In other areas it is difficult to see where the policies advocated by candidate Romney differ significantly from those of the White House. For example, despite his rejection of Obama's Afghan policy or current policy toward Syria, Romney ends up supporting very much the same approach to both. And the accusation that this Administration has betrayed European allies like Poland and the Czech Republic may score some points at home with disaffected ethnic communities hailing from Eastern Europe, but the reality is that both countries appear quite satisfied with the commitments they have received from President Obama. Other than criticizing the way the United States has handled relations with Egypt, a country undergoing dramatic transformations, and Russia, a country that is increasingly asserting itself, Romney offers no prescriptions for a meaningful change in policy.
Romney reserves his sharpest criticism for the way President Obama has handled Israel's difficult Prime Minister, Benjamin Netanyahu. This may sit well with some pro-Likud American Jews and right-wing Christians, but it ignores recent history and the imperative for American policy-makers to find a solution to the profoundly unsettling Arab-Israeli conflict -- an issue Romney conveniently fails to mention. And while sounding more threatening toward and less willing to negotiate with Iran than the Obama Administration, it is not clear how Romney would deal with that country's nuclear program other than by going to war.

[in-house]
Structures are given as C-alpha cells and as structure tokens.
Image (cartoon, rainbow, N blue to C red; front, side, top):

What is deeply disturbing in all of this is the fact that Romney continues to demonstrate how out of touch he is with the changing world the Obama Administration has inherited. Romney describes the world of today as a "dangerous, destructive, chaotic" place. But it was the reckless and neglectful policies of the Bush Administration, not the Obama Administration, that created this state of affairs. Two failed wars, a failure to use diplomacy when it might have made a difference, a penchant for unilateralism and a reliance on practices that violated the rule of law and tarnished America's image, all combined to produce widespread anti-American sentiment, an expansion and emboldening of extremist movements, and a weakening of American allies.
The Obama Administration started out determined to change course. There have been some successes in rebuilding frayed relations with NATO allies and some Asian and Latin American nations. But when faced with strong domestic pressure in other areas, notably in the Middle East, the Administration's resolve weakened. On too many occasions they failed to build public consensus around alternative approaches to peace-making, to fighting extremism, and to supporting democratic reform. Instead, they resigned themselves to a variation of existing policy -- taking the path of least resistance. But even with the justifiable criticisms that can be offered of the Obama Administration's conduct, it must be said that Romney's full-throated endorsement of the failed policies of the Bush era is far more worrisome. This is what we heard from the GOP's candidate this week before he left. We will, no doubt, hear more upon his return.